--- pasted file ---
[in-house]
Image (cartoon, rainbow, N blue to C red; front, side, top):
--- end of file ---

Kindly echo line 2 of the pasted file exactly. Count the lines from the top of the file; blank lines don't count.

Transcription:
Image (cartoon, rainbow, N blue to C red; front, side, top):